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Tourism in an LEDC


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Governments in LEDCs often see tourism as a vital source of income, which can be used for development, but tourism can create problems for host countries.

Tourism in an LEDC: advantages and disadvantages

A beach in Bali, Indonesia

A beach in Bali, Indonesia

Countries rich in physical resources - such as warm climates, beautiful beaches, rare ecosystems, and abundant plant and animal life - are often sought-after holiday destinations by people from MEDCs [MEDC: A More Economically Developed Country (MEDC) has high levels of development based on economic indicators such as gross domestic product (the country's income). ]. Tour operators and developers invest in these locations in the hope that they will become as popular as European resorts.

Places such as Kenya in East Africa, where tourists go on safari, or Bali in Indonesia, visited for its beautiful beaches, all benefit financially from tourism. However, tourism in LEDCs [LEDC: A Less Economically Developed Country (LEDC) has low levels of development, based on economic indicators, such as gross domestic product (the country's income). ] needs to be carefully managed to prevent harm to the environment and disruption to local communities.

The effects of tourism on LEDCs


Foreign currency spent by tourists can be invested in improving local education, health and other services.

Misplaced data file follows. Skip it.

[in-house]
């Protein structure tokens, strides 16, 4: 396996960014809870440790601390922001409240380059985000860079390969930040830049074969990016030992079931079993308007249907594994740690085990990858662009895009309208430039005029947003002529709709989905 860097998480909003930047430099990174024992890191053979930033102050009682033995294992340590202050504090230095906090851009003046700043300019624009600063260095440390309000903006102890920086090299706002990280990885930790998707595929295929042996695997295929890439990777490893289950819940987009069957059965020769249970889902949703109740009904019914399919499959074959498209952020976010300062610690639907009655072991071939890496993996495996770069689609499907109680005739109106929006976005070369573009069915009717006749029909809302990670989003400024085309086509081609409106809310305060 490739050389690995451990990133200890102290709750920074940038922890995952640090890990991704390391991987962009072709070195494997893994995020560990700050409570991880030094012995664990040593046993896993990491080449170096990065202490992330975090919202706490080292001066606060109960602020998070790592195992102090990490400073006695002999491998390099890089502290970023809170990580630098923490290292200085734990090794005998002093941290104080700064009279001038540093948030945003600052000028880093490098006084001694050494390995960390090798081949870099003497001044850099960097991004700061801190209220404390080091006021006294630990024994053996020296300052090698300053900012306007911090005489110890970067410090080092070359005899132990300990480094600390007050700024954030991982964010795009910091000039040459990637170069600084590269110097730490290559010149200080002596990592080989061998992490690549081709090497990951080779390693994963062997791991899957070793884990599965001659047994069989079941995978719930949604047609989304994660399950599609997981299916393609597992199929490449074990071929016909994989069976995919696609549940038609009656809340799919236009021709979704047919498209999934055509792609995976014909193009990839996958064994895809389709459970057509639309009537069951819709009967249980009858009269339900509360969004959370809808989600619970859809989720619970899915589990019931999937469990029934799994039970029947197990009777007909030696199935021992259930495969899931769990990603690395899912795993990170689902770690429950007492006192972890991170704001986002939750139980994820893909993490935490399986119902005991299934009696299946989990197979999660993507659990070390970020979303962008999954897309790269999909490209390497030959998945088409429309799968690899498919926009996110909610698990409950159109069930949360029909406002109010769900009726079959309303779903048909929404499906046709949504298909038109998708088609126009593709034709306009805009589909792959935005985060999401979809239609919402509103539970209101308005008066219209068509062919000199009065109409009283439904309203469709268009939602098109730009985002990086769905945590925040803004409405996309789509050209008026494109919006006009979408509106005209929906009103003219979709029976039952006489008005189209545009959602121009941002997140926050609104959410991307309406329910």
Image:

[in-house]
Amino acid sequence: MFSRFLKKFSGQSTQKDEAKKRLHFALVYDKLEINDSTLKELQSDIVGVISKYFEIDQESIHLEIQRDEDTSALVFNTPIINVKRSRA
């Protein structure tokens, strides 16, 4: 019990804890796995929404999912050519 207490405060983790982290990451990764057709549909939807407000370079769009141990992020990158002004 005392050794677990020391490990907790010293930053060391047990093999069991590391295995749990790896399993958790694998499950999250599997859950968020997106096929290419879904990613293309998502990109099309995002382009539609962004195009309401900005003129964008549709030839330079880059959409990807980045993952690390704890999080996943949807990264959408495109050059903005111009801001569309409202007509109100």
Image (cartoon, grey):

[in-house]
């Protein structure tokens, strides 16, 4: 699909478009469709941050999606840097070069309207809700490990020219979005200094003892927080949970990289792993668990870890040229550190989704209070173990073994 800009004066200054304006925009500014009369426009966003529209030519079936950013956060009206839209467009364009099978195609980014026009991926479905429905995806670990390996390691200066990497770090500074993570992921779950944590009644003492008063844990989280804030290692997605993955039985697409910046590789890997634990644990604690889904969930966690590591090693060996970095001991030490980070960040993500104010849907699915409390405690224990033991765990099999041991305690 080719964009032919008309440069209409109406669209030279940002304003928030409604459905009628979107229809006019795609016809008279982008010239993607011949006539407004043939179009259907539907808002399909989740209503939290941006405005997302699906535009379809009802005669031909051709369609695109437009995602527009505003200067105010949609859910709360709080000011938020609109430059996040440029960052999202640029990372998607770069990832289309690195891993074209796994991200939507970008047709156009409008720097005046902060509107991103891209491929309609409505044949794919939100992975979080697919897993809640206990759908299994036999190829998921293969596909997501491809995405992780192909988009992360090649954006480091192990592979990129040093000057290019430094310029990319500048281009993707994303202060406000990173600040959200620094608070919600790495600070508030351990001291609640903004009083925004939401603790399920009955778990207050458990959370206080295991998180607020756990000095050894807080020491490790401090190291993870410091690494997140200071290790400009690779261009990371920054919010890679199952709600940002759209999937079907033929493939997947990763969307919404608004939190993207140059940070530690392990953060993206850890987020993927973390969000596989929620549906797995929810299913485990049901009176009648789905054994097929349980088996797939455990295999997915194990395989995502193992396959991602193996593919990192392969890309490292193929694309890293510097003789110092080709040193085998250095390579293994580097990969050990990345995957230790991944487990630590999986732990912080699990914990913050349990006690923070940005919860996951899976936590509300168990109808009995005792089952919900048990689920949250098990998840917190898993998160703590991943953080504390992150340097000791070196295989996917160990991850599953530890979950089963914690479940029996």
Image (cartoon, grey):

Profits go to foreign companies, such as tour operators and hotel chains, rather than to the local community.

Jobs for local people are created and people can learn new skills in tourism services.

Foreign companies may bring foreign workers to do the skilled jobs; so local people only do low skilled, poorly paid work.

Construction creates jobs and develops skills for local people.

House prices rise when foreign companies and investors buy property for hotels and holiday homes. This often makes houses too expensive for locals.

Local infrastructure is improved as water and sanitation facilities, roads, buses, taxis and airports are provided for tourists.

Important projects for local communities might be sidelined as infrastructure developments are focused on tourists.

Visitors get an insight into local customs and traditions.

If the aim of activities is to entertain, rather than educate tourists, this may belittle the local people.

Tourists see beautiful landscapes, wildlife and plants. They can also be educated about the dangers to fragile ecosystems in the modern world.

Pollution and disruption to wildlife habitats could occur if tourism isn't sustainable.


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